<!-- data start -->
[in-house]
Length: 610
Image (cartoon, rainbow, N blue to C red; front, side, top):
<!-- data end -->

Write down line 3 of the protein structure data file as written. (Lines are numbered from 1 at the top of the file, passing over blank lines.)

Image (cartoon, rainbow, N blue to C red; front, side, top):